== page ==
How to Get Time Zone Offset Using JavaScript?

To get the local time zone offset with the help of JavaScript, you will have to look no further than the built-in methods of the ES6 release of JavaScript. That is because the ES6 JavaScript provides a function named “getTimezoneOffset()” which returns the local timezone offset of the user.

The getTimeZoneOffset() method

As mentioned above, this method returns the local timezone offset of the user in the form of minutes. If you have any idea what time zone, then it is the difference of minutes between your local time zone and the UTC, which stands for Coordinated Universal Time. To use this method in JavaScript, you need to have a variable of the Date object.

Syntax of the getTimeZoneOffset() method

The syntax is given as:

varOffset = dateObj.getTimeZoneOffset()
  • dateObj: A date variable on which the getTimeZoneOffset() method is applied
  • varrOffset: A variable in which the return value is stored

Return Value
The timezone offset of the user’s local solar time against the Coordinated Universal Time in minutes.

Addition Note

Even though the getTimeZoneOffset() method is applied only on a date variable, the value of the date variable has nothing to do with the return value of this method. The output of the getTimeZoneOffset() is a NaN only when the date variables are given a wrong value to be initialized upon.

Example 1: Fetching the timezone with a date variable

For this, simply create a new Date variable using the following line of code:

var date = new Date();

No arguments have been given to the constructor of the Date object

Afterward, simply apply the getTimeZoneOffset() method and store the result in a new variable named as offsetVar as:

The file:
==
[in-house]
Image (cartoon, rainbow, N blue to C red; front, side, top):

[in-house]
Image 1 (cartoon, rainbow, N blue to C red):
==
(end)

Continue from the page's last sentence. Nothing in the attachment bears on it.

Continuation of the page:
var offestVar = date.getTimezoneOffset();

Pass this offsetVar to the console log function to display the output on to the terminal:


Execute the program, and the outcome on the terminal will be:

The timezone offset is -300.

Example 2: Passing Values in the Date constructor

This time around, create two different date variables as dateVar1 and dateVar2. For one of these, pass a valid date string inside the Date() constructor, and for the second one, pass an invalid Date string inside the Date() constructor:

var dateVar1 = new Date("5 6 2020");
var dateVar2 = new Date("45 2 2020");

The second date variable has been initialized on an invalid value in the constructor. Now, apply the getTimeZoneOffset() and wrap them in a console log function to get the output straight to the terminal:

  "The timezone offset using dateVar1 : ",

  "The timezone offset using dateVar2 : ",

After that, execute the program and observe the output to be:

Two things are evident from the output screenshot above:

  1. The value inside the date constructor doesn’t affect the timezone offset as long as it is valid.
  2. If the value passed to the Date constructor is invalid, getTImeZoneOffset() will return the timezone offset as NaN.

That’s it for this article.

Wrap up

In JavaScript, the built-in function getTimeZoneOffset() returns the local timezone difference of the user from the standard UTC (Coordinated Universal Time). The getTimeZoneOffset() function can only be applied on a date variable. However, the value of the date variable doesn’t affect the timezone offset as the timezone offset is of the user and not the date variable. In the case of a NaN value in the date variable, the timezone offset is returned as NaN.

About the author

Abdul Mannan

I am curious about technology and writing and exploring it is my passion. I am interested in learning new skills and improving my knowledge and I hold a bachelor's degree in computer science.